Let $W \in \mathbb{C}[x_1, \dots, x_n]=R$ be a polynomial with an isolated critical point at the origin. A Matrix Factorizations for $W$ consists a $\mathbb{Z}/2\mathbb{Z}$-graded finite free $R$-module $E$ with an odd differential $d:E \to E$ satisfying $d^2 = W \cdot Id$ instead of the usual square zero condition.

Chain maps between matrix factorizations and chain homotopies are defined in the same way as for ordinary complexes. There is a category of matrix factorizations with morphisms homotopy equivalence classes of chain maps.

This category is supposed to be a model for the "derived category of the singularity". For example this point of view is advocated by Orlov, see arxiv/math/0302304.

Another way to get to the derived category of the singularity is via derived algebraic geometry, say in the sense of Vezzosi's Derived Critical Loci I - Basics. In this approach we let $X= spec(R)$ and consider the derived intersection of the zero section $0:X \to T^*X$ and $dW: X \to T^*X$. This will be a derived scheme, i.e. a scheme with a sheaf non-positively graded dg-algebras satisfying a few regularity conditions.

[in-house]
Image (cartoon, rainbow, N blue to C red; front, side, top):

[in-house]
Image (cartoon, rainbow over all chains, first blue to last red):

Presumably we should be able to take the bounded derived category of coherent sheaves for such a derived scheme.

My Question: Are these two versions of the derived category of a singularity related in any way? Are they in some sense equivalent? What is known about their relationship, if anything.

Note that the first one is a $\mathbb{Z}/2\mathbb{Z}$-graded triangulated category (shift squares to the identity), while that is not true for the later. Perhaps they become equivalent if we use a 2-periodic version of the derided category?